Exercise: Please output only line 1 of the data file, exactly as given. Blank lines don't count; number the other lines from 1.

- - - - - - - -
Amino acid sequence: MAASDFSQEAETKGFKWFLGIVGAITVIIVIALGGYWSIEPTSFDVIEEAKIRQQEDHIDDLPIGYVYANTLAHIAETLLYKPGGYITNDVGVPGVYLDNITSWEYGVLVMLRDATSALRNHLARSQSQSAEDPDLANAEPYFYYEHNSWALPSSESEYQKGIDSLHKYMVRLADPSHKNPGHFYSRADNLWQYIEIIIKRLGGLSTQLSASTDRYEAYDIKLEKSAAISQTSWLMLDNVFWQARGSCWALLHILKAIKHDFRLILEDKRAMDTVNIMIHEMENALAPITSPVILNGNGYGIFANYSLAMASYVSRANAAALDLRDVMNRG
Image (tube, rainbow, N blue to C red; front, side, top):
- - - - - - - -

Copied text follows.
Amino acid sequence: MAASDFSQEAETKGFKWFLGIVGAITVIIVIALGGYWSIEPTSFDVIEEAKIRQQEDHIDDLPIGYVYANTLAHIAETLLYKPGGYITNDVGVPGVYLDNITSWEYGVLVMLRDATSALRNHLARSQSQSAEDPDLANAEPYFYYEHNSWALPSSESEYQKGIDSLHKYMVRLADPSHKNPGHFYSRADNLWQYIEIIIKRLGGLSTQLSASTDRYEAYDIKLEKSAAISQTSWLMLDNVFWQARGSCWALLHILKAIKHDFRLILEDKRAMDTVNIMIHEMENALAPITSPVILNGNGYGIFANYSLAMASYVSRANAAALDLRDVMNRG